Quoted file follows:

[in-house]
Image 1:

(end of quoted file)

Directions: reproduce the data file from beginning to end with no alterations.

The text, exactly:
[in-house]
Image 1: